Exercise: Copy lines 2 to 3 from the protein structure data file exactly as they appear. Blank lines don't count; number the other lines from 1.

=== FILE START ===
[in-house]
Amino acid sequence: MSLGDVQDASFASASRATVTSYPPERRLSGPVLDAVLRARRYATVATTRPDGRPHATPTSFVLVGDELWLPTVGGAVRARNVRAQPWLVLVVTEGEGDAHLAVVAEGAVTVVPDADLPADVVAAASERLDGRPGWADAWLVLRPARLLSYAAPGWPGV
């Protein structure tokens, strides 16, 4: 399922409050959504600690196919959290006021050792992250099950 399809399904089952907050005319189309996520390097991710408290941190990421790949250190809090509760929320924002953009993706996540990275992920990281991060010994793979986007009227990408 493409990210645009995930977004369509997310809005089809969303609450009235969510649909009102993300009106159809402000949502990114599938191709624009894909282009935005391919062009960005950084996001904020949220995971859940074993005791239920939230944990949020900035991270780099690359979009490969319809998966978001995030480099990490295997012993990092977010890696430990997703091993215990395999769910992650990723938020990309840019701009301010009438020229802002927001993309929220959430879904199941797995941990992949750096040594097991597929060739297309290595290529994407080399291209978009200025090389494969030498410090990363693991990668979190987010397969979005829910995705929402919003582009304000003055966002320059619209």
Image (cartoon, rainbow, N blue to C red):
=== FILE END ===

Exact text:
Amino acid sequence: MSLGDVQDASFASASRATVTSYPPERRLSGPVLDAVLRARRYATVATTRPDGRPHATPTSFVLVGDELWLPTVGGAVRARNVRAQPWLVLVVTEGEGDAHLAVVAEGAVTVVPDADLPADVVAAASERLDGRPGWADAWLVLRPARLLSYAAPGWPGV
């Protein structure tokens, strides 16, 4: 399922409050959504600690196919959290006021050792992250099950 399809399904089952907050005319189309996520390097991710408290941190990421790949250190809090509760929320924002953009993706996540990275992920990281991060010994793979986007009227990408 493409990210645009995930977004369509997310809005089809969303609450009235969510649909009102993300009106159809402000949502990114599938191709624009894909282009935005391919062009960005950084996001904020949220995971859940074993005791239920939230944990949020900035991270780099690359979009490969319809998966978001995030480099990490295997012993990092977010890696430990997703091993215990395999769910992650990723938020990309840019701009301010009438020229802002927001993309929220959430879904199941797995941990992949750096040594097991597929060739297309290595290529994407080399291209978009200025090389494969030498410090990363693991990668979190987010397969979005829910995705929402919003582009304000003055966002320059619209």